​MW - There is an intimate and vital relationship between the artist and the painting.  A proper choice of means of visual expression might gain the power of non-organic life; a life that emerges from the lines of a drawing/painting or the musical notes in a piece of music.  Eventually the soul is immortalized within the creative form and painting becomes alive and takes on a life of its own. This process can be contained within one piece or it can continue and develop into the next series of canvases.  

The following quote helps to demonstrate this idea: “There is no work that indicates a way out of life. Only bodies die, not life itself” - Gilles Deleuze.


Acrylic on canvas (18 x 18 inches)

Acrylic on canvas (16 x 20 inches)

Acrylic on canvas (16 x 20 inches)
GR - Your series “Immaculate Sound” consists of breathtaking and mysterious forms and structures which appear to be made of a delicate fabric of glass or ice.  Can you share the inspiration and meaning behind this stunning and otherworldly collection and what made you steer clear of strong and vibrant colour?

MW - The imaginary world depicted in the “Immaculate Sound” series simply reflects my longing for something unspecified and unattainable… something that was always missing and for which my longing has been intensified over the last few years.  Looking for the purest sound, this multi-layered mix of structural space attempts to integrate geometric and organic forms into a calm dreamscape without borders.  The mood/vibe/ambiance I wanted to create required a quiet colour and tone with an undercurrent of floating and wandering light.  This series was heavily influenced and inspired at different times by love, depth, space, water, wind and a descent into the great unknown.

GR - Do you feel that living and studying in Krakow has enriched, shaped or deepened your work in some way that is advantageous or unique here in Canada?  Has Poland added flavour and wisdom to your paintings and if so how would you describe its participation and contribution?

MW - I think everybody is unique in some way.  My lifeline starts with my parents – both of whom were doctors with big hearts and open minds. Then came school, education (music and fine arts), tutors and friends who created the environment in which I was raised.   Krakow – with all its beauty, magic and mystery, is where all my senses and abilities were awakened.  The city dates back to the 7th century with an omnipresent history of arts and science, being one of the leading centres of academic, economic, cultural and artistic/bohemian life in Europe.  Since 2000 named the European Capital of Culture, My Alma Mater - Jan Matejko Academy of Fine Art (established in 1818), is where I got a chance to interact with a dizzying variety of extraordinary and often eccentric people.  With unique architecture  and the specific charm of European flavour all around me, I often visited the Majestic Royal Castle on Wawel Hill which is inhabited by the Wawel Dragon as legend has it.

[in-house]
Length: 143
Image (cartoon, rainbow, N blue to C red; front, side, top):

Just around the corner from my home was the largest medieval market square in Europe, with thousands of pigeons around and the Latin motto “Ordo et Pax” (Order and Peace) carved in the wall of the Benedict  Monastery.  The winding street named after my great-grandfather was often my running track, where the resounding five-note historic trumpet tune played every hour from the highest tower of the Saint Mary’s Basilica (the noon performance is broadcast via radio to all of Poland and around the world).   All these “ingredients” among others undoubtedly still influence the motifs throughout my artwork and my life in general. Krakow was the vessel in which my foundation was formed. This beautiful city supported my journey into a wider world and within myself - giving me courage, resilience and a belief that anything is possible.  Living there opened my eyes to the beauty of the wider world, resulting in the acquisition of my second Homeland – Canada. This is where my son was born and a sense of recognition emerged amidst themes of hope, change, growth and mystery.

GR - Your work often contains the human form which appears to be emerging partially from an abstract space resulting in an ethereal and dreamy atmosphere.  What has made you go beyond pure abstraction?  Does this inclusion of figures represent a specific and perhaps personal statement or commentary?  Does it reflect an interest in expanding the narrative or an effort to have a different conversation with the viewer?

MW - Throughout my work, there is a thriving relationship between signs, symbols, gestures, forms, life and vitality.  The world I often create is an unsolved riddle… a space where incompletely defined messenger-silhouettes lurk as expressions of a blurred, hazy memory. The human form and features may allude to something recognizable and its interpretation is left open to the viewer.  The figures often represent an intimate connection to nature, seeing the Earth as a sensual being to commune with by rooting into her depth and extending out into the night sky. The recognition and re-creation of this process in the viewers can facilitate a deeper union with life itself and ultimately encourages their mindful awakening through the senses.